he Zika outbreak in Latin America may blow through like a nasty storm, moving off in another year or 18 months, a new study suggests.
In any one place the wave of transmission could last between six months and a year, researchers suggested in the study, published in the journal Science.
If these estimates are right, they represent good news and bad news. Women trying to hold off on getting pregnant because of the risk Zika poses to fetuses may have to wait less time before they can try to have children.
But a quick departure will make it tough for scientists to develop a Zika vaccine: if Zika virus isn’t circulating, you cannot prove a vaccine protects against it.
“This epidemic is not going to sustain itself at this level of transmission for very long,” said lead author Neil Ferguson, of MRC Center for Outbreak Analysis and Modeling, at Imperial College, London.
“It is going to burn itself out. And in several areas of the continent it is already in sharp decline. It could really be over by the end of next year.”
Ferguson is a leading infectious diseases modeler; he and his colleagues use mathematical models to try to predict patterns of diseases.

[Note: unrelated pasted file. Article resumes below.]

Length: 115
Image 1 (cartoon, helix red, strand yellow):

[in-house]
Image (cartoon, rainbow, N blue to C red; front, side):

If the prevailing assumption about Zika is correct — that infection leads to life-long immunity — an explosive epidemic of the type sweeping through much of South and Central America could leave many people immune to the virus in a short period of time.
You would not, then, expect the virus to be able to cause additional outbreaks for quite some time, until enough children are born who haven’t been exposed. The paper suggests that might be 10 years but Ferguson said that figure is conservative and the intervals between Zika outbreaks could actually be longer.
Veteran dengue virus expert Dr. Scott Halstead has actually predicted decades may pass between Zika outbreaks, noting that is the way another similar virus, chikungunya, behaves.
Ferguson and his coauthors note that some factors could influence whether their estimate is right. For instance, measures taken to try to reduce the number of mosquitoes that can spread the virus — if they work — could actually stretch out the epidemic. If mosquito control efforts slow transmission, it will take lower to develop the levels of immunity in a population needed to stop the virus from spreading.
“You might get fewer microcephaly cases” in the short term, Ferguson told STAT. “The downside of it is that … you end up with a population that is less immune than it would otherwise have been at the end of the epidemic.”